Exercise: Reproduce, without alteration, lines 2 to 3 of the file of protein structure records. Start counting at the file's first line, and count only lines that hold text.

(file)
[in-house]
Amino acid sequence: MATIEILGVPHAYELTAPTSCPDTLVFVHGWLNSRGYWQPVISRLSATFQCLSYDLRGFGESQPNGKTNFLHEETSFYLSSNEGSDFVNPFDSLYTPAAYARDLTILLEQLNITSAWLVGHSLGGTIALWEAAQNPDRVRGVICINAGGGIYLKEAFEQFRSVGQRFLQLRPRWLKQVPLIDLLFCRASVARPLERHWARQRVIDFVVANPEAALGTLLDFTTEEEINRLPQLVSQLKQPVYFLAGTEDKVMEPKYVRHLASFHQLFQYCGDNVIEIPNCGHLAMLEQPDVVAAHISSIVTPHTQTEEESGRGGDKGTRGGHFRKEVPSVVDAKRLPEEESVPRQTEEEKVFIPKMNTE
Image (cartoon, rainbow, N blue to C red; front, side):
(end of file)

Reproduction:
Amino acid sequence: MATIEILGVPHAYELTAPTSCPDTLVFVHGWLNSRGYWQPVISRLSATFQCLSYDLRGFGESQPNGKTNFLHEETSFYLSSNEGSDFVNPFDSLYTPAAYARDLTILLEQLNITSAWLVGHSLGGTIALWEAAQNPDRVRGVICINAGGGIYLKEAFEQFRSVGQRFLQLRPRWLKQVPLIDLLFCRASVARPLERHWARQRVIDFVVANPEAALGTLLDFTTEEEINRLPQLVSQLKQPVYFLAGTEDKVMEPKYVRHLASFHQLFQYCGDNVIEIPNCGHLAMLEQPDVVAAHISSIVTPHTQTEEESGRGGDKGTRGGHFRKEVPSVVDAKRLPEEESVPRQTEEEKVFIPKMNTE
Image (cartoon, rainbow, N blue to C red; front, side):